Coronavirus briefing: Continued signs of improvement in Sweden
Coronavirus briefing: Continued signs of improvement in Sweden

The epidemic

  • Global daily cases have continued to rise. India’s case growth has remained fast and cases in Brazil have picked up again. Fast growth also in Mexico, Columbia, and other parts of Latin America. South African cases also remain high but show signs of stabilisation.
  • In the US, daily cases have stabilised and seem to have levelled off in several states.
  • Cases in the EU have picked up slightly, driven by a continued upward trend in Spain. A resurgence in new cases has also sparked concern in Austria, the Netherlands, and France.
  • A record number of infections was registered in Japan and Hong Kong. Singapore and China daily cases have also increased.
  • In Sweden, daily cases have continued to decline. Hospitalisation data also show progress.
  • Cases in Denmark continued to rise a little but remain at low levels similar to June. In the Baltics, Lithuania has seen an increase in cases.
  • Swedish authorities' view is that people have immunity at least 6 months after an infection and commented that there is still no knowledge of cases where reinfection would have taken place.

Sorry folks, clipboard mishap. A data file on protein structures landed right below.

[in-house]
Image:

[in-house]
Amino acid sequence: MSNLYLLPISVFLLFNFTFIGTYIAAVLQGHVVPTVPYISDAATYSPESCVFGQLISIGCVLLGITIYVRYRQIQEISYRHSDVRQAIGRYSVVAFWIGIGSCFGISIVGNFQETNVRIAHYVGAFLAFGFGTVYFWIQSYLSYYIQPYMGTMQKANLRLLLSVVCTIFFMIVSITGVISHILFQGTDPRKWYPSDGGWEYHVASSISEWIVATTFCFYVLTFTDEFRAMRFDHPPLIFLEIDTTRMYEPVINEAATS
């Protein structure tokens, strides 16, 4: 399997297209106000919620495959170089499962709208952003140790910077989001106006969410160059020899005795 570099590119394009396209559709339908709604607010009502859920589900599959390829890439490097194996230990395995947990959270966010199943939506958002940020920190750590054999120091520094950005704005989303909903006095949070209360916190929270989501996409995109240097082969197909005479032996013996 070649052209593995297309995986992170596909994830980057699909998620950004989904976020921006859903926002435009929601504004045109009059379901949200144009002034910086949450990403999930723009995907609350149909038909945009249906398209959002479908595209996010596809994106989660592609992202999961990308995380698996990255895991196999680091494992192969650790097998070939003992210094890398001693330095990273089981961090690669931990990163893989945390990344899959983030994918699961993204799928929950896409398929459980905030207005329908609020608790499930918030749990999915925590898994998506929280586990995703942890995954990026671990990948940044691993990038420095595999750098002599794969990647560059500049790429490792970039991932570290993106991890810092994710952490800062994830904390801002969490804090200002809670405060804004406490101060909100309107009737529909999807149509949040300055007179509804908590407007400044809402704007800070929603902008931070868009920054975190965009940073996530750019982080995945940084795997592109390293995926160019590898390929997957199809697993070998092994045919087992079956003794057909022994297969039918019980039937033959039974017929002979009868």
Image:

Policy

  • In Spain, regional governments have been enacting varying measures such as limiting the size of gatherings and closing night clubs. Norway and the UK have reinstated border controls for travellers from Spain. 
  • Norway and Denmark opened for travel without quarantine restrictions from more Swedish counties. In total, seven Swedish counties are now allowed free travel to Norway and 12 Swedish counties now have free travel to Denmark.
  • US Senate Republicans will publish a proposal of stimulus measures. The previous unemployment benefit measures only extend to Friday.

Economic effects

  • Preliminary PMI data came in stronger than expected in Germany and the euro area, driven by the services indices, and now indicate positive growth. US PMIs also improved but less than expected.
  • Sweden’s unemployment rate increased more than expected in June. Labour force development was a contributing factor, however, and hours worked improved slightly. Read more here


PDF-Document Read the full analysis/report here (pdf)


Maija Kaartinen 
Economist 
Swedbank AB (publ) 
SE-105 34 Stockholm 
Phone: +46 8 700 92 73 
research.swedbank.se

 
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